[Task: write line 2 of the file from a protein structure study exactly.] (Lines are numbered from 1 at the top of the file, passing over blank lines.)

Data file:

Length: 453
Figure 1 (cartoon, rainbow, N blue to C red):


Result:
Figure 1 (cartoon, rainbow, N blue to C red):